The Troubled Dollar

October 2008 • Volume 2, Issue 10
Will the world's "anchor" currency be replaced?
By Peter Behr


The sagging U.S. dollar is leading to speculation that the euro — or even China's yuan — someday may replace the dollar as the world's
The sagging U.S. dollar is leading to speculation that the euro — or even China's yuan — someday may replace the dollar as the world's "anchor" currency. (AFP/Getty Images/STR)

Since World War II, the powerful U.S. dollar has symbolized American economic might and fueled an expanding global economy. Foreign central banks stash dollars in their vaults as secure reserves, and most international financial transactions occur in dollars. But since 2002, America's record-high trade and federal budget deficits have severely weakened the dollar, which has lost 21 percent of its value against other leading currencies. That has helped to push oil and food prices higher around the globe, causing suffering among the poor and painful economic adjustments for others. Foreign investors — who in 2007 held more than half of the U.S. Treasury's $3.5 trillion worth of debt — had begun to lose confidence in the dollar even before the current Wall Street financial crisis and Washington's struggles to craft a rescue plan. Experts now debate whether in the coming decade the dollar could collapse in value against other currencies or even be replaced as the world's currency of choice by the euro — or, eventually, by China's yuan.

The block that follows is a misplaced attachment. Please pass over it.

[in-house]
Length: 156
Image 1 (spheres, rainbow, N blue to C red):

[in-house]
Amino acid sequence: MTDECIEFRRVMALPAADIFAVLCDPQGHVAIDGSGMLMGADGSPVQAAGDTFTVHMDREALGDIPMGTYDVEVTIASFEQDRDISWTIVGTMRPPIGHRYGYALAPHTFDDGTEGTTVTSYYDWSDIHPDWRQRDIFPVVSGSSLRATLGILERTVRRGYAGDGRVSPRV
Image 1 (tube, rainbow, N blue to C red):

ISSUE TRACKER for Related Reports
U.S. Dollar and Inflation
Jul. 19, 2019  The Future of Cash
Oct. 2008  The Troubled Dollar
Feb. 13, 1998  Deflation Fears
Mar. 13, 1987  Dollar Diplomacy
Oct. 14, 1983  Strong Dollar's Return
Jul. 11, 1980  Coping with Inflation
May 16, 1980  Measuring Inflation
Dec. 07, 1979  Federal Reserve's Inflation Fight
Jun. 09, 1978  Dollar Problems Abroad
Sep. 20, 1974  Inflation and Job Security
Feb. 26, 1969  Money Supply in Inflation
Feb. 14, 1968  Gold Policies and Production
Dec. 15, 1965  Anti-Inflation Policies in America and Britain
Mar. 15, 1965  World Monetary Reform
Dec. 02, 1964  Silver and the Coin Shortage
Oct. 17, 1962  Gold Stock and the Balance of Payments
Dec. 15, 1960  Gold and the Dollar
Oct. 10, 1956  Old-Age Annuities in Time of Inflation
Jan. 17, 1951  Credit Control in Inflation
Aug. 10, 1949  Dollar Shortage
Oct. 04, 1943  Stabilization of Exchanges
Jan. 21, 1941  Safeguards Against Monetary Inflation
Mar. 25, 1940  United States Gold in International Relations
Dec. 14, 1937  Four Years of the Silver Program
Oct. 04, 1934  Inflation in Europe and the United States
Jan. 30, 1934  Dollar Depreciation and Devaluation
Sep. 05, 1933  Stabilization of the Dollar
May 29, 1933  Invalidation of the Gold Clause
Mar. 15, 1933  Inflation of the Currency
Oct. 25, 1924  Bank Rate and Credit Control Federal Reserve Policies and the Defaltion Issue
Deficit, Federal Debt, and Balanced Budget
International Finance